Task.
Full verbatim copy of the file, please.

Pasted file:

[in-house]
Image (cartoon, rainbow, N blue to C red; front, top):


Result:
[in-house]
Image (cartoon, rainbow, N blue to C red; front, top):